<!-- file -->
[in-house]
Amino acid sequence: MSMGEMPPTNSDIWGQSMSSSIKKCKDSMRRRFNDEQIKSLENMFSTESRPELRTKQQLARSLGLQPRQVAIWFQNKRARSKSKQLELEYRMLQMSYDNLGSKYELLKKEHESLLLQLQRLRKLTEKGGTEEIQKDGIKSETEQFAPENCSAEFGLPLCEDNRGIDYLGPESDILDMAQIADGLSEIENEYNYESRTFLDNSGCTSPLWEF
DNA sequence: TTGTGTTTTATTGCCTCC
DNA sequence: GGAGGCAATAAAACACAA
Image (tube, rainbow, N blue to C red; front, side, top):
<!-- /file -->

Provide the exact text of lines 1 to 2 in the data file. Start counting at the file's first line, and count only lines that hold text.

[in-house]
Amino acid sequence: MSMGEMPPTNSDIWGQSMSSSIKKCKDSMRRRFNDEQIKSLENMFSTESRPELRTKQQLARSLGLQPRQVAIWFQNKRARSKSKQLELEYRMLQMSYDNLGSKYELLKKEHESLLLQLQRLRKLTEKGGTEEIQKDGIKSETEQFAPENCSAEFGLPLCEDNRGIDYLGPESDILDMAQIADGLSEIENEYNYESRTFLDNSGCTSPLWEF